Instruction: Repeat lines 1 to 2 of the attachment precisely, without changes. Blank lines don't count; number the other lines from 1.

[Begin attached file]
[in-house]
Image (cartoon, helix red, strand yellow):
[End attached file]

[in-house]
Image (cartoon, helix red, strand yellow):